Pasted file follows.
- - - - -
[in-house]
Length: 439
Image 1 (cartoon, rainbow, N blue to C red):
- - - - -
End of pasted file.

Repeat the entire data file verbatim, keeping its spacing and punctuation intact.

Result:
[in-house]
Length: 439
Image 1 (cartoon, rainbow, N blue to C red):